Intelligence: More Grains of Sand


November10, 2006: Another group of Chinese spies have been indicted in the United States. This time it's five members of the same family. Some were caught trying to leave the United States, for China, carrying incriminating documents. China was apparently seeking technical details on new U.S. Navy warships, and military electronic equipment in general. Chi Mak and Tai Mak, both American citizens, are facing the most serious charges.

The China is using an espionage system called, "a thousand grains of sand." It is nothing new. Other nations have used similar systems for centuries. What is unusual is the scale of the Chinese effort. The Chinese intelligence bureaucracy inside China is huge, with nearly 100,000 people working just to keep track of the many Chinese overseas, and what they could, or should, to trying to grab for the motherland.

Chinese intelligence officials try to have a talk with Chinese students and business people before they leave the country to study or do business, and after they come back as well. The people going to the West are asked to bring back anything that might "help the motherland." Most of these people were not asked to actually act as spies, but simply to share, with Chinese government officials (who are not always identified as intelligence personnel) whatever information they obtained.

Of course, it soon became open knowledge in China, and in Western intelligence agencies, what was going on. Quiet diplomatic efforts, over the years, to get the Chinese to back off were politely ignored. Another problem is that China has never been energetic at enforcing intellectual property laws. If a Chinese student came back with valuable technical information (obtained in a classroom, in a job, or simply while socializing), the data was often passed on to Chinese companies, or military organizations, that could use it. Since there were few individual Chinese bringing back a lot of data, or material (CDs full of technical data, or actual components or devices), it was difficult for the foreign counterintelligence agencies to catch Chinese "spies". There were thousands of them, and most were simply going back to China with secrets in their heads. How do you stop that?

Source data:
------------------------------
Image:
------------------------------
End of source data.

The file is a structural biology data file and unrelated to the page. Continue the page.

Some of the more ambitious of these spies, like the Mak family, have been caught red handed with actual objects. But most of the swarm moved back to China unhindered. Naturally, the Chinese push their system as far as they can. Why not? There was little risk. The Chinese offered large cash rewards for Chinese who could get particularly valuable stuff back to China. Chinese intelligence looked on these "purchases" as strictly commercial transactions. If the Chinese "spies" got caught, they were on their own. The Chinese involved knew the rules. If they were successful, they won favor with the government, or even made a pile of money, and the Chinese government was agreeable to whatever business deals these "patriotic" Chinese tried to put together back in China. This kind of clout is important in China, where a "friend in the government" is more valuable than in the West. But more and more of these ambitious Chinese agents are getting caught because it is becoming known, to the Western business and academic community, what is going on. There are over ten million Americans and Europeans of Chinese ancestry. Many are recent immigrants, or simply students or people working in Canada temporarily for Chinese companies. They all have family back in China, and are thus vulnerable to getting recruited, usually unwillingly, as one of the "thousand grains of sand."




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